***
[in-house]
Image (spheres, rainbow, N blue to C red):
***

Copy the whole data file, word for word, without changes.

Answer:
[in-house]
Image (spheres, rainbow, N blue to C red):